An in-ground basketball hoop is one of three types, including portable and mounted. It’s the most traditional of the three, as it most replicates professional style hoops. From a performance perspective, it’s thought of as the best because of the stability it provides. They are installed in one of three ways; directly into the ground, using a ground sleeve, or a J-Bolt with a Pier.
The first one is most common for lower-to-mid level models in particular. This is where you simply cement the pole into the ground. You dig a hole, set the pole down into it, then fill it with concrete. The key here is to ensure that the pole is straight and so the rim height is exactly 10 feet.
A ground sleeve tends to be used on more expensive hoops. The process is similar to a direct burial, with the difference being that you cement a sleeve into the hole. The pole then is set into the sleeve, and the backboard is attached.
The advantage with this system is that the hoop is more portable, since it can be removed from the sleeve. However, doing so is not easy as the pole tends to become attached to the sleeve, especially when exposed to freezing weather.
The J-Bolt and Pier installation is a bit more unique. You slide a square pipe into the hole, then attach a plate that hinges on top of it. Next, you bolt the pole to the plate while it’s lying flat on the ground. Finally, you push the hoop up to an upright position. This is the best system because the hoop can be easily removed from the plate and taken elsewhere. It’s primarily used for the most expensive hoops.
Overall, in-ground hoops are best for residential use. Even some of the higher priced portables still lack the sturdiness of an in-ground models. If performance is what matters most, then an in-ground hoop is the way to go. A cemented hoop will create a more rigid backboard, so the ball bounces well coming off the backboard.
It’s also better suited for dunking because of its durability and stability. Portable hoops have a base that takes up a lot of room, but in-grounds take up little to no space at all. This allows for more room under the basket so players can utilize this space as they would at a gym. For adults, this almost a must.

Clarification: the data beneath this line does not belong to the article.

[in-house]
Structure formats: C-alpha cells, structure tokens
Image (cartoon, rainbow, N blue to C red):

Being grounded can mean being aware of the ground and your connection to it. In yoga and in martial arts, being grounded can mean using your feet while standing to create a stable foundation. You can also use your feet, and your connection to the earth to feel where your center of gravity is.
Being Centered and Controlling
Being centered can mean being aware of where your center of gravity is, perhaps in part by being aware of your feet. But it can also mean unifying your body in such a way that each part is “connected” to the next.
But the body is all ready connected you might point out.
Yes, the parts of the body are connected, but due to the nature of our body we can change the quality of the connection between the parts.
By positioning the parts of our body with respect to gravity or using muscle power (or a combination of both) we can make the connections between the parts of our body more rigid. This can be advantageous if we want to create stability or the foundation for some sort of attacking action but it can also be dangerous in that an opponent can use this same rigidity to pull us of balance or throw us.
In addition, by unifying the parts of our body, by rigidly connecting each part to the next, we solidly position our center of gravity relative to our body as a whole. underpinning
If we do the opposite and go completely flaccid then we cannot stand up. We become like a sandbag. In such a state we no longer have a center of gravity. Instead, our weight is evenly dispersed throughout our body and if someone pushes pulls or prods us, our body no longer moves as one. It instead absorbs and dissipates the energy of whatever is being done to us.
With this understanding we can redefine being centered as the ability to control the parts of our body so that we can create a center of gravity, shift it, or disperse it at will.
Being Grounded and Sensitive
Meanwhile, what of grounding. With grounding we can feel where our center of gravity is, assuming we are sensitive enough. If we are upright we can have a part of ourselves stable and other parts not so solid. We can support relaxedness with stability and vary somewhere between the two. The more relaxed we are the easier we can use our senses, the more sensitive we become. If we make our feet soft enough that we can feel where our center is and yet firm enough to control our body and help to keep it upright we can stay balanced.
If we apply this idea of sensitivity to other parts of our body, say our hands, we can use our hands to feel where our partner or opponent is. We can then learn to sense what they are doing and depending on the extent of how rigid they are we can then use our “connection” to our opponent to help control them.
In real life terms, being grounded and being centered we can stay balanced whether we are trying to remain balanced with respect to the earth or whether we are engaged with a partner.
Being grounded we use connection to feel. Being Centered we control connections. The sum total of both is being present. Being present we can sense change in whatever form it takes and we can create the change that we desire.